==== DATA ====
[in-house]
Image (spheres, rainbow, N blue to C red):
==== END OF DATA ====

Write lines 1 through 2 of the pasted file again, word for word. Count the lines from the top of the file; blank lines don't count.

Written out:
[in-house]
Image (spheres, rainbow, N blue to C red):